CHRIS MANN: An Asda supermarket in Wisbech has been given a list of improvements to implement to save its alcohol licence. Repeated thefts of booze from the shop, and a stream of violent incidents led Cambridgeshire police to challenge their licence to sell alcohol. Inspector Robin Sissons has more. (TAPE)
ROBIN SISSONS: Well because of the economic climate being as it is at the moment, we’ve seen an increase in shoplifting. Now obviously normally we work in partnership with shops, and we have increased patrols in the shops. We sometimes put crime prevention cars out the front called the Rap car. Or we put literature in the shop and help wherever we can. On this occasion the staff didn’t seem to be willing to engage with the police, and in fact they were doing the opposite. They were really trying to detect crime by challenging people after they’d committed the crime, rather than trying to reduce crime by once identifying a possible offender, saying to them “excuse me, can we help you”, and trying to put them off the crime, rather than allowing them to commit it. So after three or four months of negotiations with the staff, it wasn’t going well, and mediation failed. So in the end we had to call a review, I’m afraid.
CHRIS MANN: So you’re challenging its licence. What happens next?
ROBIN SISSONS: Well basically we had a full hearing on Friday, it took all day, where we presented our case to the Licensing Panel. And the ASDA lawyers came down and they put their reasons for not engaging with us to the Panel as well. And then the Panel made a decision that actually they wanted more conditions being put on the licence, so that more crime reduction initiatives were used.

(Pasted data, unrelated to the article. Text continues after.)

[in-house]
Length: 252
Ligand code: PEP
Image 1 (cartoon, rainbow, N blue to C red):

CHRIS MANN: Did you understand the ASDA point of view? What was it?
ROBIN SISSONS: Basically ASDA were concerned first of all because we were suggesting that because of the demographics of Wisbech, most commonly used languages should be displayed on these posters. And ASDA were fearful that this may lead to legal objections going in from certain members of the community from minority backgrounds. So they were opposing that one. And also ASDA was saying that they were concerned about too many signs et cetera being in their shop.
CHRIS MANN: OK. So what happens next?
ROBIN SISSONS: Basically the Licensing Committee have made their decision. What will happen now is we’ll have a three month action plan period, where they will have to put in the new crime reduction initiatives. And then hopefully we’ll see some results. I have to say ASDA have been very very positive since the hearing, and are trying to work with us as much as they possibly can.
CHRIS MANN: What about the customers? Do they understand what’s going on?
ROBIN SISSONS: I think the customers are grateful that the shop is trying to reduce crime, because at the end of the day no-one wants to be shopping and be confronted with a drunk, or a shoplifter who’s under the influence of alcohol. So I think that’s a positive thing. And also the staff at the shop, at the end of the day they don’t want to be working in an environment where you do have drunks. And I’ve always said the police are always happy to attend, and in fact the store is just across the road from the police station. And it was a case of we’re here to help, but you need to come half way with us.
CHRIS MANN: Is this just a Wisbech problem, or is it a wider one do you think?
ROBIN SISSONS: Certainly in the county of Cambridgeshire we’ve seen an increase in shoplifting overall. And we’ve seen that the type of offence changing as well. Because where before it’s traditionally high value goods, at the moment we’re seeing that actually people are stealing food items like cheese and bread. A lot of value goods have gone down. I think it’s a national thing at the moment, whilst the economy is in the situation it is. (LIVE)
CHRIS MANN: Inspector Robin Sissons there.